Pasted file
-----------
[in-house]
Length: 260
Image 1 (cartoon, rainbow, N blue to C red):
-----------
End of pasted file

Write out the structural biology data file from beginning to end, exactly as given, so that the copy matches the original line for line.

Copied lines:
[in-house]
Length: 260
Image 1 (cartoon, rainbow, N blue to C red):